#SupportLocal highlights passion and perseverance of small businesses

May 28, 2021

U.S. Bank is supporting and celebrating customers with a social media campaign as economy recovers.

Gesinee Van Atta and her staff have helped thousands of brides find the perfect dress in the more than 30 years she’s owned Gesinee’s Bridal in downtown Concord, California. But when Van Atta reflects on why she loves running a small business, she remembers one customer in particular. 

A young woman who was in a wheelchair had come into her store after visiting dozens of other retail chains, frustrated that no one was taking her seriously. Gesinee’s staff helped her find a dress that fit perfectly, and when she tried it on, the bride-to-be and her family burst into tears of happiness because she looked so beautiful.

“Our customer service is very personal,” Van Atta said. “When you see you the bride and the family cry with happiness – my goodness, you know you’ve really helped to make their day truly special.”

Small businesses are the backbone of our local communities, employing almost half of the total U.S. workforce, and will be the cornerstone of our recovery as we continue to emerge from the pandemic. Throughout the month of May, U.S. Bank has celebrated small businesses with a #SupportLocal social media campaign that highlighted the creativity and resilience of entrepreneurs who own small businesses.

“Whether they’re in small towns or a large city, small businesses have an incomparable emotional connection with customers. While the past year has hit small businesses particularly hard, they persevered and demonstrated immense ingenuity,” said Lynn Heitman, executive vice president, business banking segment leader at U.S. Bank. “U.S. Bank is committed to supporting small businesses with all of our products and services coupled with the expertise of our bankers.”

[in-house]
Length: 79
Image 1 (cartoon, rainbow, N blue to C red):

The seven small businesses featured along with Gesinee’s Bridal during the monthlong campaign are: Celebrity Cake Studio in Tacoma, Washington; Liberty Puzzles in Boulder, Colorado; Salon Lavish in Milwaukee; Rancho Roble Vineyards in Lincoln, California; and Al’s Breakfast and TRI-Construction, both in Minneapolis.


Al’s Breakfast, a beloved 10-foot wide, 14-seat countertop-service restaurant, is as famous for its walnut blueberry pancakes as it is for being on the narrowest restaurant in Minneapolis. In normal times, the cozy quarters helped forge countless friendships among onetime strangers and created a strong sense of community.

The unique space encourages customers to “come together in a weird little community,” said Alison Kirwin, who owns 70-year-old Al’s Breakfast. “If it wasn’t for sitting at the counter with these people they see week after week, a lot of these people would have never gotten to know each other.”

Like most restaurants during the pandemic, Al’s Breakfast had to pivot to takeout only and also launched a giving campaign through its website to help stay afloat. Esquire Magazine last December named it to its list of “100 Restaurants America Can’t Afford to Lose,” a compilation of establishments around the country selected to raise a toast to because “if we lose them, we lose who we are.”


Not every small business has been impacted in the same way by COVID. Liberty Puzzles was founded by two friends, Chris Wirth and Jeff Eldridge, in 2005 as a tribute to the hand-cut, intricately artistic wooden jigsaw puzzles popular in the 1920s and 1930s. While the company has been growing every year, stay-at-home orders that went into place last spring turbocharged demand. To help chip into the weeks-long waiting list, Liberty recently added new manufacturing capacity.

“There was so much demand during the COVID shutdown, and we were starting to see a whole secondary market of people reselling them,” Eldridge said. ”We knew we had to make a meaningful change” to increase production.


Calvin Littlejohn, CEO of TRI-Construction, enjoys seeing projects completed and knowing they’ll be a fixture of the community for years to come. His company has been operating in the Minneapolis area for more than 20 years, building everything from affordable housing units to landmarks like U.S. Bank Stadium.

“Small businesses are the heart and the backbone of America,” he said. “As an African-American businessman, I get to help spread that wealth and bring a level of empowerment to my community.”

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